A child living with a lot of anger eventually becomes a child who has been discouraged to the extreme. He may look as if he has no reason to live. According to Colossians 3:21, a parent could provoke his child to this extreme form of discouragement.
Provoke is a Bible term that means to “to stimulate (especially to anger).” In the context of this verse, the word “anger” is connected to this word “provoke.”
Angry words, lifting of the voice, a lack of attention, a perception of not loving or caring could each be ways a child is stimulated to anger.
Anger left unchanged will become consistent discouragement. Disillusionment can set in early in life. So many children today are cynical about life.
There are many other areas we could consider that could provoke a child to anger: making fun of a child, making a big deal about small things, not giving a purpose in the home (such as responsibilities which give meaning and purpose), embarrassing a child on purpose, and even not giving good council and clear direction for choices (“What do you want to do?” Is not good parenting. “What does God want you to do?” Or, “What does the Bible say you should do?” Is much better.). You get the idea. Here are three areas we must avoid or we may provoke our children to anger and if left unchecked, disillusionment with life could develop:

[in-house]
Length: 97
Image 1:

- Allowing Arguing is not proper parenting. When a parent comes down to peer level and allows arguing, it creates insecurity in the child and feeds the natural man’s desire for rebellion. A child allowed to argue will become good at manipulation to get his or her own way. Big and sweeping changes happen in a family when a child becomes boss. Even the least bit of argument can create a spirit of anger. Constant battles, raised voices, angry words, flashes of facial hatred should not be tolerated. Be firm and be loving. Be the parent. Be the boss.
- Accepting Un-Thankfulness ill prepares a child for life. Not developing an attitude of appreciation is a fast way to provoke to anger. A child left to be un-thankful will find nothing to be “good enough in life.” An un-thankful heart is a rebellious heart for the Lord said: “In everything give thanks.”